Monday, 13 February 2012

Quantock Hills Somerset

Almost exactly a year ago, 38 Degrees members finally managed to stop the terrible plan to sell off England's woodlands. It was a huge victory for people power and over 500,000 of us played our part in it.

We've helped keep our national forests safe. But beautiful wild places owned by local councils could still be under threat. We can work together to protect these precious places too.

38 Degrees members in Somerset have been in touch to ask for our help. Their council is trying to sell-off a local natural treasure, known as the Quantock Hills.If the sale goes ahead, a beautiful area of woodland and open countryside could be at risk.

A huge people-powered petition can make Somerset Council think again and safeguard the Quantock Hills for future generations. Add your name now – local 38 Degrees members will deliver the petition to the Council before they decide:

The Quantock Hills are beautiful. Famous English poets like Wordsworth and Coleridge have written about them.Rare plants and animals thrive there.Hundreds of thousands of people visit every year.
If they're sold, there's every risk we'll see fences going up and crucial habitats in danger.

If Somerset Council get away with this, other councils across the country could start trying to sell off local wildlife havens too. Stopping Somerset Council should help stop these kinds of sell-off schemes becoming a new national menace. So it makes sense for all of us who stood together to protect woodland owned by our national government to speak up against Somerset Council's local sell-off plan.

Add your name now in time for the Somerset council meeting this week:

Thanks for being involved,

Hannah, David, Johnny, Cian, Marie, Becky and the 38 Degrees Team

Saturday, 11 February 2012


A big thank you to all those volunteers that turned up today for the scrub clearance task at Stonelees, Pegwell Bay.

Although the snow is still on the ground and temperatures near 0 the atmosphere was light hearted and in between the snow ball fights a large area was cleared!


Friday, 10 February 2012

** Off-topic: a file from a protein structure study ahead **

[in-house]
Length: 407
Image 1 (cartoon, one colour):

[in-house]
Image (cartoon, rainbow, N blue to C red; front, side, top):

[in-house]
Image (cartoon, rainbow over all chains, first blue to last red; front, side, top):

The spectacular coastal wetland that is the Thames Estuary is globally recognised, and protected, because it is vital for hundreds of thousands of wildfowl and wading birds.
Over the past few decades we have tirelessly campaigned alongside local communities and have saved this world-class coastal wetland from a series of ill-thought out airport proposals. All were rejected on a combination of business, aviation, safety and environmental grounds. As time has moved on our knowledge has increased and we can add climate change to the list of dangers presented by airport expansion in the Thames Estuary (or indeed anywhere else).
So you can imagine our disappointment now that it looks like we are going to have to start campaigning all over again.
The idea of an airport in the Thames Estuary has been catapulted back to prominence by the Mayor of London, Boris Johnson, who has his own proposal – referred to as ‘Boris Island’. And more recently by Norman Foster unveiling his vision for a four runway airport on the Isle of Grain in North Kent.
Any Thames Estuary airport would cause immense damage to the wildlife and environment in the area, which includes some wonderful RSPB Nature Reserves including: Cliffe Pools, Northward Hill, Rainham Marshes, West Canvey Marshes, Vange Marshes, and Shorne Marshes.
Advocates of a Thames Estuary airport were encouraged by the Chancellor’s portrayal of the environment as a barrier to economic growth in his autumn statement last November. This gave them the confidence to propose any development, no matter how damaging, as now it could be dressed up as the answer to our economic woes.
Fortunately the reality is that we don’t have to choose between the economy and the environment. Far from being a barrier, the environment actually underpins economic growth – and we’ve got the research to prove it.
Tell him we don’t need damaging developments like a Thames Estuary airport – instead he should use his upcoming Budget to put the environment at the heart of the UK's economic recovery.
Yours sincerely
Chris CorriganRegional Director
RSPB South East England